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"Do any of these companies or organizations pay K12Coding.org to be listed or discussed on these pages?" No. I'm just a guy in Denver trying to get a grassroots movement going.

 

 

The Mission of K12Coding

The Goal of K12Coding

How K12Coding Started

The Mission of K12Coding:

To serve as an information clearinghouse for parents, teachers and policy makers on the wide range of issues within computer programming and technology in schools.  

  • Provide comprehensive and timely information on apps, software and online resources to teach computer programming to children.  

  • Provide  lesson plans, tutorials and a forum for teachers to share ideas and experiences.

  • Provide information on state and district level policies from across the country.  

  • Provide links to other organizations, people, new articles, research and any other interesting information on computer programming and technology in schools.   

The Goal of K12Coding

  • To help increase the number of schools in our country that offer computer programming.  Let’s flip 90/10 upside down by 2025. Currently 90 percent of schools do not offer computer programming.  

  • To have 1,000 teachers and 1,000 parents join our forum to share ideas and experiences by July, 2017.  

 

How K12Coding Started

Hello, my name is Steve Smith and I my initial goal was to create a website where other parents could quickly find educational apps worth buying.  There are over 80,000 education apps available in Itunes, and I wanted to identify the best of the best.  One of biggest things being a parent has taught me is that parents are %&$*#@ busy and don’t have a lot of freetime:)  Therefore,  I wanted others to benefit from my extensive research, and with the creation of the app review page, I met my first goal.

Then I heard about England’s initiative to teach all students - beginning at age 5 - computer programming and decided to open a tutoring center with an emphasis on computer programming/coding.  While developing the center, I researched the ever increasing options available to teach kids programming.  

Having worked in Education Policy for Governors and State Legislatures, I was also interested in learning how implementation of England’s new initiative was going.  I was fortunate enough to connect with Michael Jones - who splits his time between teaching students and providing professional development to teachers in England - and Jones was very generous in providing detailed information on implementation issues via email.  Then Jones received a Winston Churchill Memerial Trust grant award to visit Denver and other parts of the USA, and in May 2015 we visited local schools and school district administrators.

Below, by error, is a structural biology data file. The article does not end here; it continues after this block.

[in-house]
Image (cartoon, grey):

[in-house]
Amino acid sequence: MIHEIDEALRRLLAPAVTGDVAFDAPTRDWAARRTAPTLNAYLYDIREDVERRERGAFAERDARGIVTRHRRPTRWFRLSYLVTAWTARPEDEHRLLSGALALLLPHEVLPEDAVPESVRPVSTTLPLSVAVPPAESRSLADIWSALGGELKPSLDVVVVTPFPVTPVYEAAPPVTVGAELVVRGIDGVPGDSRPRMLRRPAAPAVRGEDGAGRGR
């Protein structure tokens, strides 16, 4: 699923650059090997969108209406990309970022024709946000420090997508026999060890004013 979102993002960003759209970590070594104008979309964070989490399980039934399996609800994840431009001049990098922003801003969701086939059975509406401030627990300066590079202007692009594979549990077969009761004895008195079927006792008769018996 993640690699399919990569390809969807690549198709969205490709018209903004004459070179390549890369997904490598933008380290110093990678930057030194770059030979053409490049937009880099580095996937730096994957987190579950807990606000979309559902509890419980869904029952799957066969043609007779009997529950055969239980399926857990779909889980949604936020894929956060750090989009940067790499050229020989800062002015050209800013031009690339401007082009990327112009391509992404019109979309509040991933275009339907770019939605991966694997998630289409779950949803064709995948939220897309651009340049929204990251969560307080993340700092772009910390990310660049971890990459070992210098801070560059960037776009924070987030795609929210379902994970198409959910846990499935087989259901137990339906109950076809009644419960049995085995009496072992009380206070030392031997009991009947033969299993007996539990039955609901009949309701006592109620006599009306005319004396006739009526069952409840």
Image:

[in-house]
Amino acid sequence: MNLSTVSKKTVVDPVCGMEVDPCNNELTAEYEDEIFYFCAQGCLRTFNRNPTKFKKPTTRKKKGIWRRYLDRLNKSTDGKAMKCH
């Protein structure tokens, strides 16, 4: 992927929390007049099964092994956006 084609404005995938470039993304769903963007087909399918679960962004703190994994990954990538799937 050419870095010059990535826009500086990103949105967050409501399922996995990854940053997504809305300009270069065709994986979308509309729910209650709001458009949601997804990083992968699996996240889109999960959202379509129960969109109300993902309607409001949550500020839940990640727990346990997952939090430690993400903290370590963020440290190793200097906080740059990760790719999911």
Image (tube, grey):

These visits resulted in the creation of the Northwest Denver Education Technology workgroup, which consists of local elementary, middle school, and high school technology teachers.  The goal of the group is to share information and ideas, and to ensure a coordinated and systematic system for our children as they move from elementary schools, to Jr. Highs, to High Schools.   In addition, we will be working with Michael Jones to obtain best practices from England.  England's new system is cutting edge and a first of its kind, and there is no need for us here in the USA to reinvent the wheel as we create and modify our curriculums.  There is so much for us to learn from what is happening in England - what is working and perhaps more importantly what challenges they are running up against in implementation.

After establishing my neighborhood group, and hearing how useful teachers found the list of resources, I felt similar to the way I did after finally indexing the best apps.  Namely, parenting takes a lot of $#^%#  time:) But in all seriousness, let’s get a grassroots movement going.

Please feel free to share any information you have, and I will be happy to post it in the appropriate category. Also, join our forum and start a local workgroup (i.e. Atlanta Ed Tech), or start a subject working group (i.e. python, java).  

Finally, for those of you old enough to remember the web when it was just bulletin boards, do you remember how great it felt when you found one that had all the information and people you needed? That is what I am trying to create here. Hopefully it will spawn numerous, “Oh, dude I found this site”:)

Thanks,

Steve

steve@k12coding.org